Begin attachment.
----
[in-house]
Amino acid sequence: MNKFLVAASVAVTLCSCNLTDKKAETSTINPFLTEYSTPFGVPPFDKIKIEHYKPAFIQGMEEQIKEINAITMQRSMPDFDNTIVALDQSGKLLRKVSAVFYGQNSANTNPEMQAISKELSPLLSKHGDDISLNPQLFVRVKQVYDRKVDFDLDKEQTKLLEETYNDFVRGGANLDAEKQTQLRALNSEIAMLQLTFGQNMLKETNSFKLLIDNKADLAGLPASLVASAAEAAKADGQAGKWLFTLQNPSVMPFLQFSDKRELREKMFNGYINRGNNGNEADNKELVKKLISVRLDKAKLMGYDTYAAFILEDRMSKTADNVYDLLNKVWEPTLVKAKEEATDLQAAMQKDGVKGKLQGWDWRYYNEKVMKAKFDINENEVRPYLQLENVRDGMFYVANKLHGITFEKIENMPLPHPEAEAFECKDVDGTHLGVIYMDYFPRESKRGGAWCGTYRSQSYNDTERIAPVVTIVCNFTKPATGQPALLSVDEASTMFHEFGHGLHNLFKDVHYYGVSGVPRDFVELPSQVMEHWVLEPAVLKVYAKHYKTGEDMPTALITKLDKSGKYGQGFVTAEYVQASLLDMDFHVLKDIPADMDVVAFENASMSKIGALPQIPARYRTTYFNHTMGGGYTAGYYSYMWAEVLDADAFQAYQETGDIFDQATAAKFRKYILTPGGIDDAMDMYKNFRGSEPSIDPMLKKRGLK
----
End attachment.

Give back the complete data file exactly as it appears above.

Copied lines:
[in-house]
Amino acid sequence: MNKFLVAASVAVTLCSCNLTDKKAETSTINPFLTEYSTPFGVPPFDKIKIEHYKPAFIQGMEEQIKEINAITMQRSMPDFDNTIVALDQSGKLLRKVSAVFYGQNSANTNPEMQAISKELSPLLSKHGDDISLNPQLFVRVKQVYDRKVDFDLDKEQTKLLEETYNDFVRGGANLDAEKQTQLRALNSEIAMLQLTFGQNMLKETNSFKLLIDNKADLAGLPASLVASAAEAAKADGQAGKWLFTLQNPSVMPFLQFSDKRELREKMFNGYINRGNNGNEADNKELVKKLISVRLDKAKLMGYDTYAAFILEDRMSKTADNVYDLLNKVWEPTLVKAKEEATDLQAAMQKDGVKGKLQGWDWRYYNEKVMKAKFDINENEVRPYLQLENVRDGMFYVANKLHGITFEKIENMPLPHPEAEAFECKDVDGTHLGVIYMDYFPRESKRGGAWCGTYRSQSYNDTERIAPVVTIVCNFTKPATGQPALLSVDEASTMFHEFGHGLHNLFKDVHYYGVSGVPRDFVELPSQVMEHWVLEPAVLKVYAKHYKTGEDMPTALITKLDKSGKYGQGFVTAEYVQASLLDMDFHVLKDIPADMDVVAFENASMSKIGALPQIPARYRTTYFNHTMGGGYTAGYYSYMWAEVLDADAFQAYQETGDIFDQATAAKFRKYILTPGGIDDAMDMYKNFRGSEPSIDPMLKKRGLK